Warranty Examples

There are many warranty examples, and they may be used or needed in any number of situations. Many times the warranty is implied rather than stated either in writing or verbally.

At the most basic level, a warranty is an assumption or guarantee that an item that is being purchased will be able to used, as it intended, for a reasonable length of time. Additionally, warranties are used in real estate, insurance policies. There are also express warranties and implied warranties. Some warranties may come with disclaimers.

Different Types of Warranties

There are four different types of warranties:

  • Express Warranty: an express warranty guarantees that the seller will repair (or, even replace) a product should it become defective within a certain period of time. We have at least heard (if not used it, ourselves) the phrase, “well, it’s okay…they will replace it because it is still under warranty.” These are generally provided by the manufacturer, not necessarily the seller. (For example, your coffeemaker will repaired by Bodum, not Macy’s.)
  • Implied Warranty: this is most common type of warranty and does not necessitate any type of written understanding. An implied warranty is just that: implied. It is the assumption that whatever you are purchasing will be able to be used or consumed in the manner intended. Additionally, an implied warranty assumes that (unless stated otherwise) that you are purchasing merchandise that is in new condition. An example of an implied warranty is the assumption that the new sweater you are buying from a department store is free of any holes, stains, or other damage.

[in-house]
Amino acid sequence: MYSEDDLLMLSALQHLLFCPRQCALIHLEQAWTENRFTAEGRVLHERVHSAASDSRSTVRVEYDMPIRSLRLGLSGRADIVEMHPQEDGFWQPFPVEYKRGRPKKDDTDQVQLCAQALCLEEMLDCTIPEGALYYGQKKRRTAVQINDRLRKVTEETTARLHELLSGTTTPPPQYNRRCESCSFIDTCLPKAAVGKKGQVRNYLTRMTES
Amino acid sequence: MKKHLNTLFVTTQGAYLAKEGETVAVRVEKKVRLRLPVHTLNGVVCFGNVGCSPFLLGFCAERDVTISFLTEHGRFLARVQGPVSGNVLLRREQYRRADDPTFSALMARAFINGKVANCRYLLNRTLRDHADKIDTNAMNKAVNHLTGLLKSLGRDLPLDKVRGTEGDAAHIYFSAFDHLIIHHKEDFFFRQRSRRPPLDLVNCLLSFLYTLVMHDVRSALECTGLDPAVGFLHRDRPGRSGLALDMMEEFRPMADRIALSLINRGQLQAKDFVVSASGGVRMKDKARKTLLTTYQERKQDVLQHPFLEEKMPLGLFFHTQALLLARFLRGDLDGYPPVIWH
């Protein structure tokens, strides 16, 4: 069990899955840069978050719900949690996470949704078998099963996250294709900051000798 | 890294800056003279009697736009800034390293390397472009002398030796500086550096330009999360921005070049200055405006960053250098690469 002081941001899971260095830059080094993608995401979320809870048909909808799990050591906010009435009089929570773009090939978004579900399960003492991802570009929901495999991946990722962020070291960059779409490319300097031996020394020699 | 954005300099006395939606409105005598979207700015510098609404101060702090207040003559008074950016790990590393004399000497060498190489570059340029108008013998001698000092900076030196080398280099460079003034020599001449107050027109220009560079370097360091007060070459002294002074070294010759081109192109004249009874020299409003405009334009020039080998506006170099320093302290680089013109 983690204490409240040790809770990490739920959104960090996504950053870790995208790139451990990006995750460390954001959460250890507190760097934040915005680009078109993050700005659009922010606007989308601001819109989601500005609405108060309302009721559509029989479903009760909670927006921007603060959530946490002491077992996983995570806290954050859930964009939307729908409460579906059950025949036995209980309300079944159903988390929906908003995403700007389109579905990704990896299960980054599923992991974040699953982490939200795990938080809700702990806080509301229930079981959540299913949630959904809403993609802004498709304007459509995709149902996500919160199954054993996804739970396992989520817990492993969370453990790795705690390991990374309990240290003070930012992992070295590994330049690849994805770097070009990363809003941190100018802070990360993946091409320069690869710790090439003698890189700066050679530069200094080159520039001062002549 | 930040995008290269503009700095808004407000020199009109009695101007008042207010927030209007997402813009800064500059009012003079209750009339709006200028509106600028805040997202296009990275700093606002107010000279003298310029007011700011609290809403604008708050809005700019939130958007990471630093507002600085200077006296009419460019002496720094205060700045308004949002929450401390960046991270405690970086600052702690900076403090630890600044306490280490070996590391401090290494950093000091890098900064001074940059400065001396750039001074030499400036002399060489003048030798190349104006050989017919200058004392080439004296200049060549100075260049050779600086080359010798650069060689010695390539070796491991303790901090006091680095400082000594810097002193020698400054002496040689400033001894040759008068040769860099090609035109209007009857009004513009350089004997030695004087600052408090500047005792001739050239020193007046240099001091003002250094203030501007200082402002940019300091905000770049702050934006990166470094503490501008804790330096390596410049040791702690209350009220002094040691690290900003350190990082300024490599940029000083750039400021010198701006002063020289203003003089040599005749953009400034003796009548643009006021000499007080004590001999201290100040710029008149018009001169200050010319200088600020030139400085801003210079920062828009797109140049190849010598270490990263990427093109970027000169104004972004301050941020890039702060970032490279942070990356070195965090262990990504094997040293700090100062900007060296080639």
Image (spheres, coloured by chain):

• Lifetime Warranty: whereas an express warranty has a time limit as to how long it is valid, a lifetime warranty has no such expiration date. Generally, however, the lifetime warranty is good for the lifetime of the buyer, not the lifetime of the product. So, if your 80 year old grandmother buys a new stove and bequeaths it to you upon her death, the lifetime warranty is no longer valid. Additionally, the lifetime warranty is only valid provided that the item is being used for its intended purpose. So, please do not use that new widescreen television as a dance platform!
  • Extended Warranty: an extended warranty falls somewhere between an express warranty and a lifetime warranty. After the expiration of the express warranty, an extended warranty may still be in effect for certain parts or components of an item. Much as with an express warranty, however, there is a time limit applied to extended warranties. Additionally, as with all warranties, an extended warranty assumes that the buyer is using the item as the manufacturer or seller intended. Using something for other purposes may nullify a warranty.

What Should Be Included?

Perhaps you are a manufacturer or retailer, and you want to offer your customers warranties on your products. What should you include in your warranty to ensure that your customers will be satisfied, while you aren’t making repairs or replacements for which you are not prepared?

  • What time period does the warranty cover? Are you offering a lifetime warranty or an express warranty? You will want to be clear on this, so a customer does not come to you 20 years later, wanting their blender replaced, if that is not your intent.
  • How does the customer obtain their warranty service? Do they need to bring the blender to the retailer from which they purchased it or do they mail it to you, directly? What information (receipts, description of defects) do they need to provide? Is there a customer service number to call, first?
  • Exactly what services are you willing to provide under the parameters of the warranty? Are you going to fully replace the blender, outright or are you going to repair it? If repairing the item is your intent, are there certain components of the blender that are not under warranty?
  • Are there certain problems or issues that your warranty will not cover? For example, if the customer drops the pitcher and it breaks, will you replace it?
  • State laws. Different states have different laws and regulations regarding warranties. As such, it is important that you know what your state’s laws are and how that may affect your warranties.

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